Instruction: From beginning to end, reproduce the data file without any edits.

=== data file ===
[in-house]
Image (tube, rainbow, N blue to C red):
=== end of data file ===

[in-house]
Image (tube, rainbow, N blue to C red):